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Student paper pioneers research on promising alloy

Photo of two men holding a certificate. Caption: Lead writer Chaitanya Kale accepts the Light Metals Division Magnesium Technology Award at the 147th Annual TMS Meeting for Best Student Paper. Photo courtesy of Chaitanya Kale.

Lead writer Chaitanya Kale accepts the Light Metals Division Magnesium Technology Award at the 147th Annual TMS Meeting for Best Student Paper. Photo courtesy of Chaitanya Kale.

MultiPhysics Lab graduate students win Best Student Paper for unique research on lightweight material behavior.

After nearly two and a half years of work, Chaitanya Kale accepted an award from The Minerals, Metals & Materials Society on behalf of himself, the MultiPhysics Lab at Arizona State University and its contributors. The lab had worked with collaborators across the country to identify unique mechanical behavior in an advanced lightweight material.

Back in 2015, Kale, a materials science and engineering doctorate student, began working on the paper, “Dynamic Behavior of an AZ31 Alloy under Varying Strain Rates and Stress Triaxialities.” Under the guidance of associate professor of mechanical engineering Kiran Solanki, Kale focused on studying impact loading behavior of a lightweight magnesium alloy.

“We did some high-strain-rate mechanical testing in the lab to find out what exactly goes on when a material is impacted, in a manner that simulates a car crash event,” Kale said.

This specific type of magnesium alloy, AZ31, is an up-and-coming alloy, popular because of its low mass to density and good mechanical properties. In the future, researchers believe this alloy has the potential to replace aluminum and steel in automotive and aeronautical applications. For example, the lighter a plane or car, the less fuel that would be required per trip.

However, before this idea becomes a reality, researchers must know the stress-strain rates of the material to understand how it will react to conditions it could experience in real-world applications. Very few labs have the capabilities to perform high-rate loadings which is an important part of mechanical characterization.

“Only our lab has such experimental capability at ASU – and the experiments we performed are limited to that experimental capability,” Kale said. 

As part of his work within the MultiPhysics Lab, Kale had access to a wide range of facilities and connections to students and professionals to collaborate in the research. At the University of California, Suveen Mathaudhu, assistant professor of mechanical engineering and materials science and engineering, provided the starting materials for the experiments.

When it came time to step into the lab, Scott Turnage, an ASU senior doctoral student at the time, trained Kale on the experimental setup. Once the information was collected, Mansa Rajagopalan, recent ASU alumnus, helped Kale analyze the data and its different characterizations.

Meanwhile on the East Coast, Chad Hornbuckle and Kristopher Darling of the United States Army Research Laboratory served as collaborators on the project, performing a small set of experiments that were beyond the scope of ASU’s advanced laboratory.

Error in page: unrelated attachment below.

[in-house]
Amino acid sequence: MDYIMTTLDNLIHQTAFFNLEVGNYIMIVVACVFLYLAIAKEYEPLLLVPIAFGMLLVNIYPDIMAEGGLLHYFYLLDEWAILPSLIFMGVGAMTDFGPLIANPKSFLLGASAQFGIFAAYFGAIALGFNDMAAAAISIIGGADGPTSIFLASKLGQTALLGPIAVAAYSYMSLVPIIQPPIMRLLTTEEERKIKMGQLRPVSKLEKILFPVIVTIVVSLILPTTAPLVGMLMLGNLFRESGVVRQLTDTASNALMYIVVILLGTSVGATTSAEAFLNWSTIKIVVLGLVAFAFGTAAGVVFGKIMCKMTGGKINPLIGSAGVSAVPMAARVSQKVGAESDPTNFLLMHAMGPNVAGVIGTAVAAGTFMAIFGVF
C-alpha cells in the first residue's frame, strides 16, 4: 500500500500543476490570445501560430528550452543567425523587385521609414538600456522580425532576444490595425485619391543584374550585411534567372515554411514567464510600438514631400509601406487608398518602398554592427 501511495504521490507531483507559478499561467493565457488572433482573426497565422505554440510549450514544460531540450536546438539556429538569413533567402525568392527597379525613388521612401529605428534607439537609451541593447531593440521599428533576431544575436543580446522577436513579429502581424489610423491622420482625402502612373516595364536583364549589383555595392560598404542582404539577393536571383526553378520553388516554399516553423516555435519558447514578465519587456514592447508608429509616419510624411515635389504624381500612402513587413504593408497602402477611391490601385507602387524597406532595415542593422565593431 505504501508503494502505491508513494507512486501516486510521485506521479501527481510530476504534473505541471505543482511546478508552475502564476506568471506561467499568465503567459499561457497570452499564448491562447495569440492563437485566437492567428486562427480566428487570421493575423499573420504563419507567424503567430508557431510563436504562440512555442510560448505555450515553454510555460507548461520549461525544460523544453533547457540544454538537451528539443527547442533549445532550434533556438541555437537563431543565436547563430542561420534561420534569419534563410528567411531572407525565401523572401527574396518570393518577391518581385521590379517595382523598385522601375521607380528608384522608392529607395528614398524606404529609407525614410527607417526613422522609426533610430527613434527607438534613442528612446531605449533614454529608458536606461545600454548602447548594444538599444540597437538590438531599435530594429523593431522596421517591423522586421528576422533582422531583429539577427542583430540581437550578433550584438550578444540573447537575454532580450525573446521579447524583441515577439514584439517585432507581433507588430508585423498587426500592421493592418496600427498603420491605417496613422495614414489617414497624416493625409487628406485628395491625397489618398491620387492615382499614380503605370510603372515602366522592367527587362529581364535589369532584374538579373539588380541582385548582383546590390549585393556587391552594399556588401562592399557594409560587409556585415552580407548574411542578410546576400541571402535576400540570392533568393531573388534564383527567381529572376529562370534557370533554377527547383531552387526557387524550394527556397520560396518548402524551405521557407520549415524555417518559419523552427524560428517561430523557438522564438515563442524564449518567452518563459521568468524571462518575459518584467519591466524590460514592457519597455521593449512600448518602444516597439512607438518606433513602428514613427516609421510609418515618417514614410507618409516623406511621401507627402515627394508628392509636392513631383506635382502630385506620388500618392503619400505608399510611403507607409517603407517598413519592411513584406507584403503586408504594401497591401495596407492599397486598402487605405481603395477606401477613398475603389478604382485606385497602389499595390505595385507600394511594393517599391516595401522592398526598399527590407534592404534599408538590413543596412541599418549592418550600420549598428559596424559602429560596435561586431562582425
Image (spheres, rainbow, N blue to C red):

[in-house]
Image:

“We were interested in doing a particular kind of characterization known as Electron Backscattered Diffraction,” Kale said. “ASU does not have the centralized EBSD facilities which we needed.”

EBSD is used alongside a scanning electron microscope to take observation to a more specific level to determine characteristics like local texture and grain orientations, Kale explained.

The finished paper provided new insights on the role of the stress-state of the AZ31 alloy’s behavior, which are critical for future exploration of the alloy.

These findings were published in The Minerals, Metals & Materials Society conference proceedings in early 2017. TMS is a professional society that connects active professionals across minerals, metals and materials sectors. This was Kale’s first year as a member of the association and his first paper published in a conference proceeding.

In March 2017, Kale traveled to San Diego, California, to present a talk based on his conference paper.

“The judges look for creativity, pushing the bounds of current understanding and an innovative aspect,” said Solanki, who has worked with Kale throughout the project.

Additionally, the papers were evaluated for originality, content, the presentation’s use of visuals, conciseness and personalized explanation. The cutting-edge research performed and presented in the paper helped impress the judges.

During the 147th Annual TMS Meeting in Phoenix in March 2018, Kale finally accepted the Light Metals Division Magnesium Technology Award for the Best Student Paper at the TMS Conference, with Solanki, Mathaudhu, Darling and Hornbuckle.

“The experiments that we performed were kind of novel, and few people can do such kinds of experiments,” Kale said. “But now, to our knowledge, we were the first to do these kinds of experiments with this kind of material.”

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